showmethod used instead. The two usages are equivalent, but we use
setVisible(true)for consistency's sake.
By default, window decorations are supplied by the native window system. However, you can request that the look-and-feel provide the decorations for a frame. You can also specify that the frame have no window decorations at all, a feature that can be used on its own, or to provide your own decorations, or with full-screen exclusive mode.
Besides specifying who provides the window decorations, you can also specify which icon is used to represent the window. Exactly how this icon is used depends on the window system or look and feel that provides the window decorations. If the window system supports minimization, then the icon is used to represent the minimized window. Most window systems or look and feels also display the icon in the window decorations. A typical icon size is 16x16 pixels, but some window systems use other sizes.
The following snapshots show three frames that are identical except for their window decorations. As you can tell by the appearance of the button in each frame, all three use the Java look and feel. The first uses decorations provided by the window system, which happen to be Microsoft Windows, but could as easily be any other system running the Java platform.The second and third use window decorations provided by the Java look and feel. The third frame uses Java look and feel window decorations, but has a custom icon.
|Window decorations provided by the look and feel||Window decorations provided by the window system||Custom icon; window decorations provided by the look and feel|
Here is an example of creating a frame with a custom icon and with window decorations provided by the look and feel:
//Ask for window decorations provided by the look and feel. JFrame.setDefaultLookAndFeelDecorated(true); //Create the frame. JFrame frame = new JFrame("A window"); //Set the frame icon to an image loaded from a file. frame.setIconImage(new ImageIcon(imgURL).getImage());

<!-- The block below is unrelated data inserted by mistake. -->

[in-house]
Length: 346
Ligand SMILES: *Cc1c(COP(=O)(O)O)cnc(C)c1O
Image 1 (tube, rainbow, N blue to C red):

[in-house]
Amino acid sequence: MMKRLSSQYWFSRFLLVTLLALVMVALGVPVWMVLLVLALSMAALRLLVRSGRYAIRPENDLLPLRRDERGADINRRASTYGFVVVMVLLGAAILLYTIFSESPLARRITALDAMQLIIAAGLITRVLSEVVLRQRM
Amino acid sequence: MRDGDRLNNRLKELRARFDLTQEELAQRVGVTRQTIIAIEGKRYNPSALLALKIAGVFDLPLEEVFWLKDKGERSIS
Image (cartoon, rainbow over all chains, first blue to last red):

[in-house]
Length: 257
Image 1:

As the preceding code snippet implies, you must invoke the
setDefaultLookAndFeelDecorated method before creating the frame whose decorations you wish to affect. The value you set with
setDefaultLookAndFeelDecorated is used for all subsequently created
JFrames. You can switch back to using window system decorations by invoking
JFrame.setDefaultLookAndFeelDecorated(false). Some look and feels might not support window decorations; in this case, the window system decorations are used.
The full source code for the application that creates the frames pictured above is in
FrameDemo2.java . Besides showing how to choose window decorations, FrameDemo2 also shows how to disable all window decorations and gives an example of positioning windows. It includes two methods that create the
Image objects used as icons — one is loaded from a file, and the other is painted from scratch.
- Click the Launch button to run the Frame Demo using Java™ Web Start (download JDK 7 or later ). Alternatively, to compile and run the example yourself, consult the example index.